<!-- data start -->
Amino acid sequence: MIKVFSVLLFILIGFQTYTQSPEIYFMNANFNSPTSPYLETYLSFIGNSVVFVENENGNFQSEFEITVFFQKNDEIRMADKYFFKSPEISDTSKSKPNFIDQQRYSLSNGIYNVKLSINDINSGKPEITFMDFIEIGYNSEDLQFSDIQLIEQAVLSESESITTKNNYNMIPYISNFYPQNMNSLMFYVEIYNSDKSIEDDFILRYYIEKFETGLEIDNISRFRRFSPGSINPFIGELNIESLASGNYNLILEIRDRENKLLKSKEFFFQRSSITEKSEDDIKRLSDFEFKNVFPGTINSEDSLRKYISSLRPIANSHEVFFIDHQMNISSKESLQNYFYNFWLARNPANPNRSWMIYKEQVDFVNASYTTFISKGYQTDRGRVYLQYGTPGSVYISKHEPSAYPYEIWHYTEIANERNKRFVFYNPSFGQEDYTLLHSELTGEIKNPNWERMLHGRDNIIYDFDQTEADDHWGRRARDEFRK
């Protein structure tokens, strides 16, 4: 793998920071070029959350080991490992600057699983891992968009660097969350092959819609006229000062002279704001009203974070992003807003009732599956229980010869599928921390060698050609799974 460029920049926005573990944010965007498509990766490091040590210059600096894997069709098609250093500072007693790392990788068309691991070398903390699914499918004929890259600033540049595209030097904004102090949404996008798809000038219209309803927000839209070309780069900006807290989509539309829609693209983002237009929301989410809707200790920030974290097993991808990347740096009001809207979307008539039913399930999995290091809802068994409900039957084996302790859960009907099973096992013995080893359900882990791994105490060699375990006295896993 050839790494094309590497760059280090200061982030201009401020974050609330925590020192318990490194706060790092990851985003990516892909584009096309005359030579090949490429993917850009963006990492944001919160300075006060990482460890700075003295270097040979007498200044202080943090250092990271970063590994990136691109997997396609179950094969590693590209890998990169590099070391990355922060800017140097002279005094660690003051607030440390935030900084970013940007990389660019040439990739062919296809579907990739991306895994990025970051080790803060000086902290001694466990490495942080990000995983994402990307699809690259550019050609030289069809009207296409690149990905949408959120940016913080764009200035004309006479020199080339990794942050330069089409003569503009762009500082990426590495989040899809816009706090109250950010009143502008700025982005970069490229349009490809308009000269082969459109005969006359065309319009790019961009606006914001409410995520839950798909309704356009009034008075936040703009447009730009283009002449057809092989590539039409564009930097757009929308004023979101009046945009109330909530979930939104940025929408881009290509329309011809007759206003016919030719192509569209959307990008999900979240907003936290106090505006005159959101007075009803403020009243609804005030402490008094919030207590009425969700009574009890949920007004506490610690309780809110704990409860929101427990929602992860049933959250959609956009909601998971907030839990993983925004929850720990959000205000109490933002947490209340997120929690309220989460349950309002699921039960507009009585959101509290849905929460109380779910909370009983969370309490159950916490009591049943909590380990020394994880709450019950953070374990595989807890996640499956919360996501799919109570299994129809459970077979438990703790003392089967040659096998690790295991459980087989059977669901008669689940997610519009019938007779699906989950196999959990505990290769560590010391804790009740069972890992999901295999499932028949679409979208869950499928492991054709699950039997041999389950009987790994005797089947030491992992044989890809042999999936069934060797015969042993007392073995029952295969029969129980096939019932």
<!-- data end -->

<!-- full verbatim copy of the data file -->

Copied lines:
Amino acid sequence: MIKVFSVLLFILIGFQTYTQSPEIYFMNANFNSPTSPYLETYLSFIGNSVVFVENENGNFQSEFEITVFFQKNDEIRMADKYFFKSPEISDTSKSKPNFIDQQRYSLSNGIYNVKLSINDINSGKPEITFMDFIEIGYNSEDLQFSDIQLIEQAVLSESESITTKNNYNMIPYISNFYPQNMNSLMFYVEIYNSDKSIEDDFILRYYIEKFETGLEIDNISRFRRFSPGSINPFIGELNIESLASGNYNLILEIRDRENKLLKSKEFFFQRSSITEKSEDDIKRLSDFEFKNVFPGTINSEDSLRKYISSLRPIANSHEVFFIDHQMNISSKESLQNYFYNFWLARNPANPNRSWMIYKEQVDFVNASYTTFISKGYQTDRGRVYLQYGTPGSVYISKHEPSAYPYEIWHYTEIANERNKRFVFYNPSFGQEDYTLLHSELTGEIKNPNWERMLHGRDNIIYDFDQTEADDHWGRRARDEFRK
């Protein structure tokens, strides 16, 4: 793998920071070029959350080991490992600057699983891992968009660097969350092959819609006229000062002279704001009203974070992003807003009732599956229980010869599928921390060698050609799974 460029920049926005573990944010965007498509990766490091040590210059600096894997069709098609250093500072007693790392990788068309691991070398903390699914499918004929890259600033540049595209030097904004102090949404996008798809000038219209309803927000839209070309780069900006807290989509539309829609693209983002237009929301989410809707200790920030974290097993991808990347740096009001809207979307008539039913399930999995290091809802068994409900039957084996302790859960009907099973096992013995080893359900882990791994105490060699375990006295896993 050839790494094309590497760059280090200061982030201009401020974050609330925590020192318990490194706060790092990851985003990516892909584009096309005359030579090949490429993917850009963006990492944001919160300075006060990482460890700075003295270097040979007498200044202080943090250092990271970063590994990136691109997997396609179950094969590693590209890998990169590099070391990355922060800017140097002279005094660690003051607030440390935030900084970013940007990389660019040439990739062919296809579907990739991306895994990025970051080790803060000086902290001694466990490495942080990000995983994402990307699809690259550019050609030289069809009207296409690149990905949408959120940016913080764009200035004309006479020199080339990794942050330069089409003569503009762009500082990426590495989040899809816009706090109250950010009143502008700025982005970069490229349009490809308009000269082969459109005969006359065309319009790019961009606006914001409410995520839950798909309704356009009034008075936040703009447009730009283009002449057809092989590539039409564009930097757009929308004023979101009046945009109330909530979930939104940025929408881009290509329309011809007759206003016919030719192509569209959307990008999900979240907003936290106090505006005159959101007075009803403020009243609804005030402490008094919030207590009425969700009574009890949920007004506490610690309780809110704990409860929101427990929602992860049933959250959609956009909601998971907030839990993983925004929850720990959000205000109490933002947490209340997120929690309220989460349950309002699921039960507009009585959101509290849905929460109380779910909370009983969370309490159950916490009591049943909590380990020394994880709450019950953070374990595989807890996640499956919360996501799919109570299994129809459970077979438990703790003392089967040659096998690790295991459980087989059977669901008669689940997610519009019938007779699906989950196999959990505990290769560590010391804790009740069972890992999901295999499932028949679409979208869950499928492991054709699950039997041999389950009987790994005797089947030491992992044989890809042999999936069934060797015969042993007392073995029952295969029969129980096939019932």